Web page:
Have you ever looked at your kid’s newly erupted adult teeth and wondered what the tooth ridges were on the biting edges? No, their front teeth aren’t misshaped. These “mamelons” on teeth are an important characteristic of incisors, which are the front four top and bottom teeth (eight teeth total.)
Mamelons on healthy teeth serve an important purpose in your child’s developing smile. But some people’s tooth ridges are more prominent than others. Since they’re right on the biting edges of the first permanent teeth that erupt, mamelons typically catch parents and kids off guard. After all, they look so much different than the straighter, whiter baby teeth that they’re erupting next to.
Mamelons are tiny and bumpy tooth ridges on the cutting edge of the front incisor teeth. You don’t usually see them on other teeth because those teeth already have a lot of sharp, pointed edges called “cusps” on them.
Mamelons are made up of tooth enamel, which is the outermost layer of your tooth. The layer underneath your tooth enamel (dentin) does not play a role in whether or not your incisors have teeth ridges or how big they are.
Chances are you’ll notice mamelons on your child’s lower front two teeth, as those teeth are usually the first permanent teeth to erupt. If there are mamelons on those teeth, they’re likely to be on the next incisors once those come in too.
You’ll only see mamelons on the incisors, so the top front four and bottom front four teeth. Mamelons come in a set of three. They look like tiny little scalloped edges right on the most pointed/sharp edge of your incisors.
If you were to look at one of those teeth very close and with a bright light, you might even be able to see the next layer of the tooth through your enamel, with the enamel ridges setting themselves apart from the darker dentin layer underneath. That’s because your tooth enamel is slightly translucent (side note, that’s why dentists love using porcelain for cosmetic treatments since it mimics tooth enamel.)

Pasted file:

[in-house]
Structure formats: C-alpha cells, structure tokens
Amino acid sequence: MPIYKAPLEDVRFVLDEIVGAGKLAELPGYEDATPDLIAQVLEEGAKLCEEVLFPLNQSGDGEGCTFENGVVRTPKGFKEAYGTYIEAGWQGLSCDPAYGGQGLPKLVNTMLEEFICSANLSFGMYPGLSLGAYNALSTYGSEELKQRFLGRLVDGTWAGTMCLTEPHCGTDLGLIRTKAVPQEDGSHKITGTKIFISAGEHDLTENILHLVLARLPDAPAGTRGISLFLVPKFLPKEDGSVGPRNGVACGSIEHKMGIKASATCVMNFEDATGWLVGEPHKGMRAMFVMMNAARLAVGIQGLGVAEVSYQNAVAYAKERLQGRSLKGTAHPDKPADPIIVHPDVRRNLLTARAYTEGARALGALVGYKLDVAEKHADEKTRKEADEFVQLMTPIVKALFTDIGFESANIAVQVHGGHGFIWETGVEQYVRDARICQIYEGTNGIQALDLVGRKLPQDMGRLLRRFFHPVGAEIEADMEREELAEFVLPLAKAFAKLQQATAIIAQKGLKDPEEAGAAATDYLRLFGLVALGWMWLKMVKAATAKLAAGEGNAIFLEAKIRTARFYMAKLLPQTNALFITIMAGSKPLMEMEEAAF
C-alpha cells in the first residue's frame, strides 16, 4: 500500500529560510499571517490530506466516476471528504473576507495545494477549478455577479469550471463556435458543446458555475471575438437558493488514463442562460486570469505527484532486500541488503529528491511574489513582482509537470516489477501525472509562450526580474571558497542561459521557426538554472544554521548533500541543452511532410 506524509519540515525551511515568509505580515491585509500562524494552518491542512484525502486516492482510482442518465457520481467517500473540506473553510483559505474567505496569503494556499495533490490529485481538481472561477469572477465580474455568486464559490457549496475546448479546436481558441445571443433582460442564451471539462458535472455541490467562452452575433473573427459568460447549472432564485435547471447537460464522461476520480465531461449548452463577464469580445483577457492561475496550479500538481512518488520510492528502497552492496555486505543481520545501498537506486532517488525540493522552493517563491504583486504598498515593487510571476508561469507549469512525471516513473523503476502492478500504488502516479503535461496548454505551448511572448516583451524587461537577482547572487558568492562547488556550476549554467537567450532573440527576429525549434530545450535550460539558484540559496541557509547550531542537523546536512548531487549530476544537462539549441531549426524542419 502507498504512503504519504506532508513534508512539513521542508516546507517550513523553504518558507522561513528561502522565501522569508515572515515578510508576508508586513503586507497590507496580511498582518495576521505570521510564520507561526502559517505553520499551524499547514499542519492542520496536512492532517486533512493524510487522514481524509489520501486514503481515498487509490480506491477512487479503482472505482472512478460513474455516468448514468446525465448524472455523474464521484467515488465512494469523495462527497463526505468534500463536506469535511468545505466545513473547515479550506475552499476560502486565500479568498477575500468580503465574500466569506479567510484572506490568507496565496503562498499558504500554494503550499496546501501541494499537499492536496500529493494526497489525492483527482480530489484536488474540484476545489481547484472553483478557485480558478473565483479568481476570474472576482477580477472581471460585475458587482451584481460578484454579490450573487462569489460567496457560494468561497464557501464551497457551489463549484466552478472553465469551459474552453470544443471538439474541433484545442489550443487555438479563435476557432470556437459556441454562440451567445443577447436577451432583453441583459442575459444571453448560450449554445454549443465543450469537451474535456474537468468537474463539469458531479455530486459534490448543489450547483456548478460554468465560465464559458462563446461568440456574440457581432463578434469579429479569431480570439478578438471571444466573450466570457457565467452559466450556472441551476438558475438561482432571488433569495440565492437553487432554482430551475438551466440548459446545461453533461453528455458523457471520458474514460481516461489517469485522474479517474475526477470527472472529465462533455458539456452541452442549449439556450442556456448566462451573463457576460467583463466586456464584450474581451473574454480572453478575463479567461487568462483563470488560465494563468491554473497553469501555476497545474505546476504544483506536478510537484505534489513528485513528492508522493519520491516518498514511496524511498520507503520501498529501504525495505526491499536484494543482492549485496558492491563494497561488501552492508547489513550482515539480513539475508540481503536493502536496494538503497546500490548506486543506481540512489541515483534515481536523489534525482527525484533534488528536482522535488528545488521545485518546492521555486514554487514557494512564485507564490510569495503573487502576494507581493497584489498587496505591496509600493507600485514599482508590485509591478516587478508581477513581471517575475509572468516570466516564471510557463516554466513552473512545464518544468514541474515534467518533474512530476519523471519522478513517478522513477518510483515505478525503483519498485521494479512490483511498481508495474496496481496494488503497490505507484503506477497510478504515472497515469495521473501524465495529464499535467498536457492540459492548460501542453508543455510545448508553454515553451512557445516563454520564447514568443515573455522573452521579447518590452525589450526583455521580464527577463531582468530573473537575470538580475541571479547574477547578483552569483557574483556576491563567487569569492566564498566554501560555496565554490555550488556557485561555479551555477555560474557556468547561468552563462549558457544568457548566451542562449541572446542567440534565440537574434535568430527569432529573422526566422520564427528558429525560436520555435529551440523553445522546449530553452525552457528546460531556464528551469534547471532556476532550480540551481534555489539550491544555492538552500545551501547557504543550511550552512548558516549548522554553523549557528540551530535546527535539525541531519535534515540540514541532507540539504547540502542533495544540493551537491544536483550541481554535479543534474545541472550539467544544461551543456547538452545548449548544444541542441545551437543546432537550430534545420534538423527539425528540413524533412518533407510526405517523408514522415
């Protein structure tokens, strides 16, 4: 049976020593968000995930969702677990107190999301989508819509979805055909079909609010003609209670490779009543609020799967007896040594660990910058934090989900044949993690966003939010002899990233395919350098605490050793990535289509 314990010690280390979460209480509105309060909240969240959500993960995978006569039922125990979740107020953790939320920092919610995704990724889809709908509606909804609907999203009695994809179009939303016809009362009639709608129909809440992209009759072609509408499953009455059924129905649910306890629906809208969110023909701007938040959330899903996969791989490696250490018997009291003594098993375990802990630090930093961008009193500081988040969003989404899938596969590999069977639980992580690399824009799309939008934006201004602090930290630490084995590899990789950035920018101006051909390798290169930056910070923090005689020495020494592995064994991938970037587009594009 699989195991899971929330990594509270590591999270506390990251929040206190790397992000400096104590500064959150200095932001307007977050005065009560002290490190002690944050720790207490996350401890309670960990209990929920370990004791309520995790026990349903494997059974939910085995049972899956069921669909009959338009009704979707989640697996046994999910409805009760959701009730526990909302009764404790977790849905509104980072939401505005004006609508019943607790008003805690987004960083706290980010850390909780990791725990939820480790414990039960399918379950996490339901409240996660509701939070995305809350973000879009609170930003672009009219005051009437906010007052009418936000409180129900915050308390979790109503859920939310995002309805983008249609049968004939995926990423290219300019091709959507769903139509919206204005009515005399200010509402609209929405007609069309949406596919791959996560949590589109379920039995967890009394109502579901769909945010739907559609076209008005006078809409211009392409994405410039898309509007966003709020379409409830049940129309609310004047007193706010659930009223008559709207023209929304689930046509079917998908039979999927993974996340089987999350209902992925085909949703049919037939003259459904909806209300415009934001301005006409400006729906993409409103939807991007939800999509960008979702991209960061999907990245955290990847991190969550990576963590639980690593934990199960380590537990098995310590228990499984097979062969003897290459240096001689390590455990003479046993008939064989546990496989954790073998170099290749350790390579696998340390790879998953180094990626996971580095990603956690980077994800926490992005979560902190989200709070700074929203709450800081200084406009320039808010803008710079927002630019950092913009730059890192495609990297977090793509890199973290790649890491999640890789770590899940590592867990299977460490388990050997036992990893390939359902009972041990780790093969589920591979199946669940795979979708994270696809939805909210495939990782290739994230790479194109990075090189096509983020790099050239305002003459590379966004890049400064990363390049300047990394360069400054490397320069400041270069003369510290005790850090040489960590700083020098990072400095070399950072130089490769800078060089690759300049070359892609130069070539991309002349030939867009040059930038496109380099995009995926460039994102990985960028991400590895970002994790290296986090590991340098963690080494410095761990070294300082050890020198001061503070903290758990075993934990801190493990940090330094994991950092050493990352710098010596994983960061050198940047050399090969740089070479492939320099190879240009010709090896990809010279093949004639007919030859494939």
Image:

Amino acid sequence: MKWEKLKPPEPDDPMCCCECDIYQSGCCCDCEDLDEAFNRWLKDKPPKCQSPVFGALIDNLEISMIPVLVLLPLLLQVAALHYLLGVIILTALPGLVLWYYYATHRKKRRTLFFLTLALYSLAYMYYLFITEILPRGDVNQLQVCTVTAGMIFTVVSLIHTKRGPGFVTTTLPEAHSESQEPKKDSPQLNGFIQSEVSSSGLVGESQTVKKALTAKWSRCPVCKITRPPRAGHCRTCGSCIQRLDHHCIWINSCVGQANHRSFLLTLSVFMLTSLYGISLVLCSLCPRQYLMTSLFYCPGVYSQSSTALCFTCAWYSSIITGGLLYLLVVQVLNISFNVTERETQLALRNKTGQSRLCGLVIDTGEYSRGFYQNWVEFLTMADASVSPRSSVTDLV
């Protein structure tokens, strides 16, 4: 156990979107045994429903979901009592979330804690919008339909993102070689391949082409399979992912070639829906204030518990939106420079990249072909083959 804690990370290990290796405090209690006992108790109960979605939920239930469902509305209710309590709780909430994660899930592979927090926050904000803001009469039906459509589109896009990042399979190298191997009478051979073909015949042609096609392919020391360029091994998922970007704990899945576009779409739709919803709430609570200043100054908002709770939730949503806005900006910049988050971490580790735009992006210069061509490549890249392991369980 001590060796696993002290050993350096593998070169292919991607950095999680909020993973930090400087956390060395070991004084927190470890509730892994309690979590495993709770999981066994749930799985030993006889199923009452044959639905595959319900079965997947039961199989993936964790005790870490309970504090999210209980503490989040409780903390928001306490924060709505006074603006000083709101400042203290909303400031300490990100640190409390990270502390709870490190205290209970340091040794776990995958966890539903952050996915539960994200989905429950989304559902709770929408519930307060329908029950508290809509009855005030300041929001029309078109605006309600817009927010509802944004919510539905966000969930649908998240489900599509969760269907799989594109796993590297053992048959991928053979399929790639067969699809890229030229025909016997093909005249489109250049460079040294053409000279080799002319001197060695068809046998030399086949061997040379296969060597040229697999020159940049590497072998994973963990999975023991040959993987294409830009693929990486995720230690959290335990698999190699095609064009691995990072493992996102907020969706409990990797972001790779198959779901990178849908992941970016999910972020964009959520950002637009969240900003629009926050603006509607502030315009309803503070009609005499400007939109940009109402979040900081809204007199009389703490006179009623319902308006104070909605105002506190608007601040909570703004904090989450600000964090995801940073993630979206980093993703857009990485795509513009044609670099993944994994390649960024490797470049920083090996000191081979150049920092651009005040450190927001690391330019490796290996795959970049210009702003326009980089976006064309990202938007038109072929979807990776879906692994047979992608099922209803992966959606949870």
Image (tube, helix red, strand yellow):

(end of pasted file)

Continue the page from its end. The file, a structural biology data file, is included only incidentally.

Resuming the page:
Great news! If there are prominent tooth ridges, you don’t automatically have to talk to your dentist about cosmetic treatment to remove them. Mamelons on teeth will usually wear down on their own. Biting and chewing will gradually cause those thin little tooth ridges to wear out. Your oral health is not in jeopardy, mamelons gradually wear down and don't affect you normal chewing and biting habits.
Mamelons start to flatten out within a few months of the tooth erupting. It’s as if once those ridges serve their purpose—cutting through the gum tissues to erupt—they start to go away. But sometimes, it may take years before the mamelons are completely gone, especially if your teeth don’t touch one another whenever you’re biting down all the way.
These tooth ridges are likely to last longer when you have other issues going on, like crowded or rotated teeth, overjets, open bite, or an underbite.
In instances where people’s mamelons don’t go away on their own, it’s possible to have your dentist remove them for you.
Mamelons help your front incisal teeth break through the tissues as part of the newly erupted teeth process.
Removing ridges on teeth is fast and practically pain-free. Your dentist can quickly buff out the mamelons to leave your tooth looking more contoured and symmetrical. Mamelon removal is very safe and permanent, so you won’t have to worry about them growing back. Smoothing out those tooth edges helps your smile look more balanced and attractive, serving an important cosmetic role for anyone getting a smile makeover. Bonus: no numbing is needed during the appointment; it doesn’t hurt whatsoever.